Participation is limited to 30 students determined by application. The study group is open to all Harvard students, faculty, fellows, and staff. No prior experience with, or knowledge of, the topic is necessary. Participation in discussion and weekly attendance is highly encouraged. As with all Intelligence Project seminars, the study group operates under Chatham House Rules.
The application window will run from Friday, August 12,to Wednesday, September 7. Applications will be reviewed on a rolling basis. To apply, please use the application button below.
Session 1 – Introduction: What is Intelligence?
- Study group introductions, overview, and expectations
- Intelligence authorities and organization: the US Intelligence Community
- The Intelligence Cycle: from initial tasking to final intelligence assessment; customers and stakeholders; what are the questions?
- Key definitions: FI, CA, CI; what is intelligence and what is not? The difference between intelligence and espionage
- Intelligence oversight
Session 2 – Intelligence Collection: HUMINT
- Human intelligence, from ancient times to present
- Agents – the epitome of espionage
- The agent acquisition cycle
- Vetting and Validation, handling, and termination
- Traditional vs. war-zone collection
- Cases: Penkovsky, Tolkachev, Gordievsky
Session 3 – Intelligence Analysis
- What is the question?
- Embedded assumptions of analysts, policymakers, and executives
- Needs of decision-makers - pros and cons of accommodating them
- Analytic Traps: Psychological bias, past is prologue, ethnocentrism, mirror imaging, politicization.
- Estimative language and assessment of probability
Session 4– Technical Collection
- SIGINT, GEOINT, MASINT, OSINT
- Artificial Intelligence and Espionage
- SIGINT Yesterday, Today, and Tomorrow
- Big collection, big data, big problems, big results
- Intelligence, surveillance, and privacy
- Private sector surveillance state
Session 5 – Intelligence Failures, Intelligence Successes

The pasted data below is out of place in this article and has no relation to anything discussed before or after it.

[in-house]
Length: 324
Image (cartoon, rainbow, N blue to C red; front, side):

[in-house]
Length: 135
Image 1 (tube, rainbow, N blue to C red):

- How and why intelligence failures occur
- Unpacking 9/11 and intelligence reform
- Iraq weapons of mass destruction
- Intelligence successes
- Cuban Missile Crisis
- Afghanistan - anti Soviet campaign
- Bosnia and Kosovo
Session 6 – Ethics and Intelligence
- Ethics in liberal democracies governing intelligence collection (“spying”) and covert actions.
- Case study examples of ethical dilemmas.
Session 7 – Covert Action and Influence
- Political and economic operations
- Paramilitary operations
- Cyber and media operations
- Presidential findings
- Iran, Bay of Pigs, Dr. Zhivago
Session 8 – Counterintelligence: The Wilderness of Mirrors
- Definitions of counterintelligence (CI), counterespionage and counter-surveillance
- Insider Threats – Espionage, Workplace Violence, Cyber and Terror
- Vetting and validation tools – investigation, polygraph, ops tests
- The five ‘Cambridge spies’
- Aldrich Ames, Robert Hanssen, Edward Snowden, Jerry Lee
Session 9 – 2020 Intelligence-Policy Nexus
- Intel providers, consumers, and policy customers
- Barriers to effective use of intelligence
- How intel providers fail their customers
- Getting it right: systems, products, relationships, and trust
Session 10 – Intelligence in Democracy and Dictatorships
- Compare and contrast of intelligence use in one party dictatorships and liberal democracies
- Intelligence as a political tool
- Russia, China, and authoritarian systems: FSB and MSS
- Authorities, legitimacy, accountability, and transparency
Session 11 – Private Sector Intelligence
Compare and contrast the application of intelligence in government and in the private sector
Intelligence’s role in mitigating security and geopolitical risks to people, assets, and operations, and serving as a force multiplier for corporate decision making
Intelligence teams and structures in the private sector
Public-private intelligence liaison